So consider pinging your current employer or consider buying yourself a subscription, which possibly could help you stay up to date. Of course what Stephan and Campbell mentioned, practice would be the main activity which you'd need to spend time on regardless.
 
Stephan van Hulst
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Campbell Ritchie wrote:. . . find a different job.


Not everyone is in the position to do that.

It is, at least to some extent, part of the employer's and employee's responsibility to keep up to date.


Some jobs require legacy technology to be used, and they're still jobs that need to be done, with employees that need to do them. Why do you think COBOL programmers get paid so well?

I agree that it's not ideal to work at a place where you can't work on the bleeding edge and advance your knowledge, and if it makes you unhappy you need to find something else. It however, is NOT the responsibility of the employer to make sure every job is always done with the newest technology that's out there.
 
Campbell Ritchie
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I think I have laid it on a bit too thick. Sorry.
I didn't mean that all jobs should require bleeding‑edge technology, but even COBOL programmers need to keep their skills up to date. Even if legacy languages don't change, best practice does change. For example to go back to what Claude posted, if you look in the three editions of Effective Java, you will find Bloch takes a different view of inheritance in 1/2 and 3. None of them complimentary, but it shows that although the inheritance mechanism hasn't changed, awareness of its problems has, and best practice has. Even COBOL programmers should get together and share best practice or experimental techniques fo try out.
 
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In Holland, actuaries that are member of the Actuarial Society, must gain at least 60 study points in a period of three years (something likewise for accountants, doctors et cetera). Does such an obligation not hold for professional IT people?
 
Claude Moore
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Stephan van Hulst wrote:I suggest you keep up to date. If your professional situation doesn't allow for that, you need to do it at home.

Always use the latest version of Java on your home computer. When a new version rolls out, read the release notes to see if there are big changes to the API, and try to use new features when you're working on hobby projects. Don't have a hobby project? Start one. When looking through the API documentation to brush up on a method you haven't used in a while, make sure to quickly browse through the overview to see if there are cool new methods you haven't seen before.



This is a good advice. Let me say that it's pretty much what I've always tried to do, i.e try to keep myself up-to-date essentially studying good books and developing some toy projects, which I published to GitHub just to practice with git. In these projects I try to work on some "difficult" topic, for example I developed a multitenant spring boot application where not only the target database, but also the actual implementation of services depends upon the REST-request being processed at a given time; I played a bit with docker + spring; I made some experiments with Angular, REST, and microservices.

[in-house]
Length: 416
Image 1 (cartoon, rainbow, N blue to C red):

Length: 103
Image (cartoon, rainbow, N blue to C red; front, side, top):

I think that's all pretty good stuff to workout with Java technology, but at the same time, I feel that without a "proof on field" all of the hobby projects I develop are essentially toys. Real world applications deal with very different and challenging issues.
 
Claude Moore
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Piet Souris wrote:In Holland, actuaries that are member of the Actuarial Society, must gain at least 60 study points in a period of three years (something likewise for accountants, doctors et cetera). Does such an obligation not hold for professional IT people?


Generally speaking, I don't know if there's a country where you need to get a degree in Computer Science  (or equivalent title) to work in IT fields. At least, not  in Italy. Personally, I don't know if it's a good or a bad thing. If you're clever at programming, shouldn't do that job for life just because you don't have a degree ?
 
Claude Moore
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I agree that it's not ideal to work at a place where you can't work on the bleeding edge and advance your knowledge, and if it makes you unhappy you need to find something else. It however, is NOT the responsibility of the employer to make sure every job is always done with the newest technology that's out there.



That's right. It's perfectly reasonable that an employer wants to be conservative with respect to the technology used, especially when the codebase written in a given technology is huge. But at the same time, innovation is essential in IT fields.
I've always been propositive with my boss, and willing to use my free time - at home, during holidays and so on - to study new technologies.
But if practice lacks, at the very end I feel I'm studying something I'll have never a chance to use in a real world scenario, and that all my effords are a big  wasting  of spare time I could had dedicated  to my family instead.
This is really frustrating, believe me !
 
Campbell Ritchie
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I think it is going the other way in UK, but I am not certain. I think the problem is that, for a long time, Universities didn't recognise Computer Sciences as a “real” subject. Here, we had a Computing department back in the 1960s, but then we were a Poly rather than a University. In those days, most places either didn't teach computer sciences, or thought it was a branch of Maths. That means lots of people have gone into computing jobs without a relevant degree; as Claude says, you can't sack somebody who has been working successfully for fifteen years because they haven't got a degree. Or have got a degree, in History Chemistry or Music!